The first food pyramid was created in the 1970s in Sweden. Following numerous street protests resulting from the high price of foodstuffs, the government decided to create a special committee given the task of evaluating if it were possible to put together nutritionally balanced meals at a reasonable cost.
In 1974, the first food pyramid was presented to the public with the following message: “A good, healthy diet at a reasonable price”.
This pyramid was made up of 3 parts:
The base included basic foodstuffs considered essential to the individual’s wellbeing: cereals, dairy products, pasta and potatoes.
The centre and top of the pyramid represented complementary food providing the vitamins and minerals not found in basic foodstuffs.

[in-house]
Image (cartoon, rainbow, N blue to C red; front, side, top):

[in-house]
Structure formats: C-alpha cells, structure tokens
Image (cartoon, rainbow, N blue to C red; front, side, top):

Fruit and vegetables were placed at the centre, with meat, fish and eggs on top.
Popularisation of the concept
The concept of a visual representation of dietary recommendations from the health authorities of various countries then spread to other countries including Japan, Denmark and Sri Lanka. The United States adopted the food pyramid in 1992. Although the food pyramid still prevails, dietary recommendations have since taken other forms, such as a plate in the United States (2010), a flag in Thailand (2010), a pagoda in China (2007), a rainbow in Canada (2007) and a spinning top in Japan (2010).